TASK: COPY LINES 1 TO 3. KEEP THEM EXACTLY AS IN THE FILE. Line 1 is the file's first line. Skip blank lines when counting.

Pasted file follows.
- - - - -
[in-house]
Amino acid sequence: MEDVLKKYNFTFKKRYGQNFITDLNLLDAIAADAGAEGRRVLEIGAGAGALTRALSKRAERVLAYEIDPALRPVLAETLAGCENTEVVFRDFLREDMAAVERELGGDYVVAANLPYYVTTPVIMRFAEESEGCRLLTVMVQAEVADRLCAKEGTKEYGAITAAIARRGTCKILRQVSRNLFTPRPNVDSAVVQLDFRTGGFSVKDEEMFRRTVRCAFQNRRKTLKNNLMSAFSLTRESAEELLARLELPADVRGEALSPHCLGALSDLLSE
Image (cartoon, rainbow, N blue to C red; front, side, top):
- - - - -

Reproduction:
[in-house]
Amino acid sequence: MEDVLKKYNFTFKKRYGQNFITDLNLLDAIAADAGAEGRRVLEIGAGAGALTRALSKRAERVLAYEIDPALRPVLAETLAGCENTEVVFRDFLREDMAAVERELGGDYVVAANLPYYVTTPVIMRFAEESEGCRLLTVMVQAEVADRLCAKEGTKEYGAITAAIARRGTCKILRQVSRNLFTPRPNVDSAVVQLDFRTGGFSVKDEEMFRRTVRCAFQNRRKTLKNNLMSAFSLTRESAEELLARLELPADVRGEALSPHCLGALSDLLSE
Image (cartoon, rainbow, N blue to C red; front, side, top):